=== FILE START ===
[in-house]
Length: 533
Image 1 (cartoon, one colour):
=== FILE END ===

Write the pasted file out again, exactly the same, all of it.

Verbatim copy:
[in-house]
Length: 533
Image 1 (cartoon, one colour):